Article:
MARTIN: So Coloradans can legally buy, sell and use marijuana in most situations, but employers can, at the moment, still fire people for using it. Is that correct?
BACA: Yeah, it's true. In fact when we launched The Cannabist, our culture of pot website, in late December, you know, we ran a - excuse me - we ran a story with the headline, pot is legal in Colorado but you can still be fired for a positive drug test. And that was obviously one of the more popular stories of that month - that first month of traffic for us. But that's exactly the truth. The employers have the right to make that decision.
MARTIN: I just want to be - just be clear on this. There's no evidence that he was impaired while working, was there?
MARTIN: So - and just if you don't mind my asking - he has disclosed this - he was using marijuana because - for medicinal purposes because - why? His - I think to control muscle spasms, is that correct?
BACA: You know, I'm not sure. I know that I have read that he was paralyzed as a teen in a car crash and it was a thing, you know - circumstances that were - that were left over from that experience.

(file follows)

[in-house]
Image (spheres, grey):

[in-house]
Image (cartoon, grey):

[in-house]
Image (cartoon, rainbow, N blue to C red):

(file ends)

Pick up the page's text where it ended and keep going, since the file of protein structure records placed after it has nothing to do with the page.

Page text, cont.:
MARTIN: So Sarah, let's talk about Michigan. Michigan also allows marijuana use for medicinal purposes. But I understand that the circumstances are bit more strict. What's the situation there and how does marijuana influencing hiring there, at the moment?
SWICK: Well, voters passed a law allowing medical marijuana use pretty overwhelmingly in Michigan. I think was well over 60 percent approval, but since then medical marijuana has been legal but it's been kind of a patchwork across the state depending on where you are - kind of the - basically, in many ways, the whims of law enforcement have decided how this - how that law gets enforced and whether, you know, people are prosecuted for marijuana possession and use or not.
MARTIN: Well, tell me about that. What do you mean by that - that it's up to law enforcement?
SWICK: Well, just - it's gone to - there have been a number of cases where it's been taken to court and it's sort of been - it's been decided differently. In one suburban Detroit county, Oakland county, for example, has been pretty aggressive about going after medical marijuana use and also - especially distribution, the dispensaries - and they were taken to court over that and eventually the court agreed with them and said, you can sort of - you can agree or disallow, basically - or prosecute people for dispensaries. Other places - they operate openly. There is absolutely no problem with it. So it really depends very much on the local communities and that's been a big problem.
MARTIN: I wanted to ask about that. Do you see, Sarah - is this taking on the flavor of the kinds of debates that we have about abortion rights, for example, which is - even though this is a procedure which is legal in a certain set of circumstances, where there's community opposition you're not going to be able to exercise this freely. Is that kind of the way it's shaping up?